The University of Texas at Arlington is a comprehensive research institution of nearly 33,500 students in the heart of North Texas. Visit to learn more.

New Moorland-Spingarn Director

Press Release

(Media Contact:  Rachel Mann, Communications Specialist, 202.238.2631,,

WASHINGTON (February 24, 2012) – Howard Dodson Jr., a national leader in the movement to preserve African-American history, has been named the new director of the Moorland-Spingarn Research Center and director of the Howard University Library System.  Dodson retired last year from his position as director of Harlem’s Schomburg Center for Research in Black Culture after 27 years of service.

“Dodson brings a wealth of knowledge and expertise as the new leader of Moorland-Spingarn Research Center and University Libraries,” said Howard University President Sidney Ribeau. “He will be instrumental as we execute our research agenda and preserve our cultural treasures.”

The Moorland-Spingarn Research Center (MSRC) is recognized as one of the world’s largest and most comprehensive repositories for the documentation of the history and culture of people of African descent in Africa, the Americas, and other parts of the world. As one of Howard University’s major research facilities, the MSRC collects, preserves, and makes available for research a wide range of resources chronicling the Black experience.

“We have too few centers that are documenting the global Black experience. Moorland has been one of the most important ones for nearly 100 years,” Dodson said.

Its collections include more than 175,000 bound volumes and tens of thousands of journals, periodicals, and newspapers; more than 17,000 feet of manuscript and archival collections; nearly 1000 audio tapes; hundreds of artifacts; 100,000 prints, photographs, maps, and other graphic items. The collections are used by scholars, museums, students, and other researchers from Howard University and throughout the world. Information provided by the MSRC is regularly used in exhibitions, video productions, news programming, and a wide range of publications.

Dodson’s immediate priorities at Howard University include increasing Moorland’s hours: providing twenty-four hour service in Founders Library, and enhancing the interior environments of both. He also plans to expand access to collections and make the libraries more active partners in student learning and university research. Finally, he plans to revitalize and upgrade the University’s library system, the newest member of the Washington Research Library Consortium.

Dodson is credited with extending the reach and reputation of the Schomburg Center through major exhibitions and acquisitions. Today, the Center is recognized as one of the leading institutions of its kind in the world.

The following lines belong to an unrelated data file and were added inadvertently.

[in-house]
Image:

Dodson became chief of the Schomburg in 1984. Under his direction, the Center’s holdings doubled to 10 million. Acquisitions included the collections of Malcolm X, Lorraine Hansberry and Maya Angelou. Publishing projects Dodson spearheaded have included numerous microform editions of collections of original documents, a six-volume encyclopedia of African American history and culture, and a 30-volume collection of writings by African-American women.

Under Dodson’s stewardship, the Schomburg Center has been an innovator in using the Internet to increase access to library materials. He enhanced the quality of the Schomburg Center’s exhibitions, public programs, and special events. Attendance tripled to 120,000 people per year.

Dodson was born in Chester, Penn., in 1939. He graduated from West Chester State College in 1961 with a degree in social studies and secondary education and in 1964 received a master’s degree in history and political science from Villanova University. Dodson joined the Peace Corps in 1964, serving for two years in Ecuador and later as a national Peace Corps staff member. He then entered a doctoral program at the University of California, Berkeley where he focused on the comparative history of slavery in the Western Hemisphere.

Through the years, Dodson has lectured widely on various topics nationally and internationally. His books include Becoming American: The Africa-American Journey; In Motion: the African-American Migration Experience; Jubilee: the Emergence of African-American Culture; and The Black New Yorkers: The Schomburg Illustrated Chronology.

In recognition of his contribution to the development of the Schomburg Center, Dodson has been awarded honorary doctorates by Villanova University (2007), the City University of New York (2004), West Chester State University (2004), Adelphi University (2004) and Widener University (1987). In 2010, Dodson was designated a New York City “Living Landmark” by the New York Landmarks Conservancy.


Howard University is a private research university that is comprised of 13 schools and colleges. Founded in 1867, students pursue studies in more than 120 areas leading to undergraduate, graduate and professional degrees. Since 1998, the University has produced two Rhodes Scholars, two Truman Scholars, a Marshall Scholar, 24 Fulbright Scholars and 11 Pickering Fellows. Howard also produces more on campus African-American Ph.D. recipients than any other university in the United States. For more information on Howard University, call 202-238-2330, or visit the University’s Web site at